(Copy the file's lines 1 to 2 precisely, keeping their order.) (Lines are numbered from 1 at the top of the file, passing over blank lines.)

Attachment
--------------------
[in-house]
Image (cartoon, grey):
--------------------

[in-house]
Image (cartoon, grey):